Silent running

Rainbow lorikeet (trichoglossus haematodus). Image by fir0002flagstaffotos, licensed under Creative Commons.

Rainbow lorikeet (trichoglossus haematodus). Image by fir0002flagstaffotos, licensed under Creative Commons.

Hi all,

I’ll be taking 4 weeks holiday from tomorrow, so the blog may be a bit quieter than usual. But hopefully I’ll be back on deck in January, and in the meantime you may get some posts from other writers.

In other news, it’s cricket season, and today is the second day of the Ashes (for non-cricketing readers, the Ashes is a Test cricket series – the name comes from a satirical obituary written on the victory of Australia over England in 1882. The obituary stated that this marked the death of English cricket, and the body would be cremated and sent to Australia).

So all of Adelaide is either at the cricket or watching or listening to it. Since our group lives on the top of the tallest and ugliest building in the University, we can see Adelaide oval from our windows, although it’s hugely disappointing that we can’t see much of the action. My consolation is that the birds are out: I saw a couple of rosellas in a bottlebrush on the way in to work, the rainbow lorikeets are flitting about in large numbers, and the kookaburras that live around the campus are laughing from the trees and the rooftops.

So enjoy yourselves and check out some of our past posts, and hopefully you’ll hear from me again in January. :-)

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5 Responses to Silent running

  1. Since our group lives on the top of the tallest and ugliest building in the University

    WIN! You get the nice views, and don’t have to see your ugly building in them.

    P.S. The rainbow lorikeet is spectacular. I have some Yellow-bellied Sapsuckers visiting the suet feeder these days.

    • Alison Jobling says:

      Good point there about the value of being inside the building rather than outside. It also makes it easy to direct visitors to the thing – no-one has ever got lost using my directions.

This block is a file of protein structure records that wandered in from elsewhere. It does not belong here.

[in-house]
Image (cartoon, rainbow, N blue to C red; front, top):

Yes, the lorikeet is spectacular, but they’re also incredibly noisy: they frequent various large gums at various times, mostly around sunrise and sunset, and the cacophony is unbelievable.

  2. herr doktor bimler says:

    We have a small but stable population of rosellas on this side of the ditch. For a while there were neighbours a block or so away with a pair of rainbow lorikeets; they were allowed out sometimes, one at a time (knowing that the liberated bird would always fly home after a while to be with its partner), and tended to hang out in the pohutakawa tree outside my office window upstairs. Evidently Evolution had just acquired a new box of crayons on the day it was designing lorikeets, and wanted to use all of them.

    • Alison Jobling says:

      We get a few rosellas, both Eastern and Adelaide, but at least they’re relatively discreet and tend to hang in much smaller groups: the lorikeets sound like hundreds of groupies when they’ve just spotted their favourite boy band.

      And yes, they’re not subtle birds either – crayons ahoy, you’re quite right.

  3. pipmarks says:

    Hi Alison – Happy New Year!!
    I intend to nominate you for a Sisterhood of the World Blogger’s Award – is that appropriate given that this blog is officially under Prof Lowe?

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